Neville (“Nev”) Grubb picks us up at the Pukerangi train stop. Nev is the co-founder and managing director of Trail Journeys, the biggest (and first) biking expedition company for the Central Otago Rail Trail, a 150km long bike path built across what used to be a railway line.
Nev is fit and bald and, with his arms crossed in front of him, looks more than a bit like Mr. Clean. He’s driving a silver van and instructs us all to hop in. I commandeer the front seat. It’s about 20km from Pukerangi to Middlemarch where we’re to be fitted for our bikes.
“Probably best you’re not riding today,” Nev says.
He’s referring to the torrential rain and the temp which, I’m guessing, is in the mid-40s. “Got some foul weather riding gear, I’m sure,” he says with a smile.
Actually, I don’t. When I left Los Angeles it was in the mid-80s and although I knew that May is late autumn in New Zealand, I couldn’t convince myself that I’d need serious winter gear for a bike ride. So I brought my fly-fishing pants, a lightweight jersey, and my cycling gloves. That’s it. Not even a rain jacket. When I tell this to Nev, laughing, he looks at me with concern.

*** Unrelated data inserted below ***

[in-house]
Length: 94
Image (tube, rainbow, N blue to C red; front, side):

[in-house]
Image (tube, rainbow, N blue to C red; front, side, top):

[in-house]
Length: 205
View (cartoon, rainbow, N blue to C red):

“Supposed to be ten below zero in Wedderburn tonight,” he says.
Wedderburn is where we’re spending the night before starting our ride tomorrow.
When I don’t respond, Nev says, “And if it’s not snowing, it will be raining for sure.”
Driving through rural sheep country, Nev grabs his cell and makes a call. He tells whoever is on the other line that there’s a wool hat and gloves and a heavy rain parka in the trunk of his car. Can they get all that and bring it to Wedderburn in the morning?
When he hangs up, he smiles at me and says, “You’re all set. I’ve got some gear for you.” And then, after a pause, “Assuming they remember to bring it tomorrow morning.”
I hope so. If not it could be a chilly bike ride.